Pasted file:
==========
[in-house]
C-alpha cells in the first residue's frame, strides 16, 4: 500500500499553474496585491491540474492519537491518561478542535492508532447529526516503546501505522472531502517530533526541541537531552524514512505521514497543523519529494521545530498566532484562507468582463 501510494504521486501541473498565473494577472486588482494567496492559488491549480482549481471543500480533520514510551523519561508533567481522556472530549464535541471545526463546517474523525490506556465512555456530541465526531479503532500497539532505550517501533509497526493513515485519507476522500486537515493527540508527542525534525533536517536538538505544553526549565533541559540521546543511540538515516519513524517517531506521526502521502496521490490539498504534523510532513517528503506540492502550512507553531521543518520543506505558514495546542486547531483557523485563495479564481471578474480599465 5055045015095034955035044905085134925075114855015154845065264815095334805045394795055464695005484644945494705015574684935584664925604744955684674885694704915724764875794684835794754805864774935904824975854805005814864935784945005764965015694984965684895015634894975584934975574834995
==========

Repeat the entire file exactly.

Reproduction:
[in-house]
C-alpha cells in the first residue's frame, strides 16, 4: 500500500499553474496585491491540474492519537491518561478542535492508532447529526516503546501505522472531502517530533526541541537531552524514512505521514497543523519529494521545530498566532484562507468582463 501510494504521486501541473498565473494577472486588482494567496492559488491549480482549481471543500480533520514510551523519561508533567481522556472530549464535541471545526463546517474523525490506556465512555456530541465526531479503532500497539532505550517501533509497526493513515485519507476522500486537515493527540508527542525534525533536517536538538505544553526549565533541559540521546543511540538515516519513524517517531506521526502521502496521490490539498504534523510532513517528503506540492502550512507553531521543518520543506505558514495546542486547531483557523485563495479564481471578474480599465 5055045015095034955035044905085134925075114855015154845065264815095334805045394795055464695005484644945494705015574684935584664925604744955684674885694704915724764875794684835794754805864774935904824975854805005814864935784945005764965015694984965684895015634894975584934975574834995